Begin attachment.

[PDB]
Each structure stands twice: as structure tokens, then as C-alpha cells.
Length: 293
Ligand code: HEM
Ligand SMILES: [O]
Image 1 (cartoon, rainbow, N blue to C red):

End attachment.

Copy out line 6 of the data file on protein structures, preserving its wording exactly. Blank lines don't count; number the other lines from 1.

Image 1 (cartoon, rainbow, N blue to C red):